Difference Between State and Federal Courts

The main distinction is that state and local courts are authorized to hear cases related to the laws and citizens of their state or city.

Federal courts make decision lawsuits between citizens of different states, cases against the United States, and cases involving laws specific federals.

The federal court hears your case if:

  • The case mostly involves violations of the U.S. Constitution, Treaties, or federal laws,
  • It is a legal dispute between citizens of different states or foreign citizens,
  • It is a bankruptcy, copyright, patent, and maritime law case, or
  • It is a criminal matter listed in the US Code.

The United States Supreme Court is the only federal court mentioned in the United States Constitution.

Congress has, over time, created the federal district courts, where trials take place, and the federal circuit courts of appeal to hear appeals from the district courts. While there are fewer federal decisions, they are often of national importance. The US Supreme Court is the last stop on the judicial path. You don’t listen to every presented case, but you decide which cases to review and decide. The legal term for the order to review a lower court decision is to grant certiorari, often shortened to “grant certificate.

Federal judges are appointed and, following Article III of our Constitution, “they will maintain their positions during good behavior and, at certain times, they will receive compensation for their services that will not be diminished during their tenure in office.” in other words, they are appointed for life and are paid for their work. Federal Magistrates are appointed for limited terms and generally hear disputes involving discovery and other subsidiary matters.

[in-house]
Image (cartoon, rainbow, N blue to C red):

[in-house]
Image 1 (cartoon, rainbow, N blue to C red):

State or local courts hear:

  • Cases relating to laws passed by the state legislature or local authorities,
  • Most family law cases, personal injury lawsuits, contract disputes, traffic violations, and

State courts are three-tier courts with a court of the first instance, a court of appeal, and a supreme court. The judges of the state courts are appointed or elected.

Generally, there are two trial-level courts. District courts, for example, decide landlord-tenant, small claims, traffic violations, civil cases with claims up to $ 25,000, and all criminal offenses (generally, cases where the defendant, if found guilty, cannot be convicted to more than a year in the county jail).

The circuit court hears all civil cases with claims over $ 25,000, all felonies or more serious, family law cases, probate matters, juvenile delinquency, and cases related to the state constitution. In addition, the circuit court receives appealed cases from other trial courts or administrative agencies.

Each state has courts of appeal that hear appeals from the lower courts. The number of appellate courts varies depending on the size of the state and the number of cases.